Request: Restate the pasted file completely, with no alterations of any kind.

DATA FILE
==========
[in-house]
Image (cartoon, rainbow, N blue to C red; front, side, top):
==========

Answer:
[in-house]
Image (cartoon, rainbow, N blue to C red; front, side, top):